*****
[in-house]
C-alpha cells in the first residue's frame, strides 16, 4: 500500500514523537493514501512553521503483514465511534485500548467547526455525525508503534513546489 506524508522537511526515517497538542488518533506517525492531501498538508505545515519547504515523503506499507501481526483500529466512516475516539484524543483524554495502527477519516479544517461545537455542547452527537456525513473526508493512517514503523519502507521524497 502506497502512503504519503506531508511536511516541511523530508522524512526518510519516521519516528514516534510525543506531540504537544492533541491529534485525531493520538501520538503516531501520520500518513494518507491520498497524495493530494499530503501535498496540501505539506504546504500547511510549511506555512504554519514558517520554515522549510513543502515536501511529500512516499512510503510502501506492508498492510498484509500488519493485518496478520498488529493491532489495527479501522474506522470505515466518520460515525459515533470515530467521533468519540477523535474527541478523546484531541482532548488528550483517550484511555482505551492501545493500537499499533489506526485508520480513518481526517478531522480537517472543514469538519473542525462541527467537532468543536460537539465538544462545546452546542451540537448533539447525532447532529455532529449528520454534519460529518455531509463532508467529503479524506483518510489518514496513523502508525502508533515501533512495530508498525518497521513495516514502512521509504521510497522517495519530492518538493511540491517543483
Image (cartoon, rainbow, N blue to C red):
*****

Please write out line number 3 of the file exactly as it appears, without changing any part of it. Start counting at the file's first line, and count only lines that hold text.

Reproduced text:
Image (cartoon, rainbow, N blue to C red):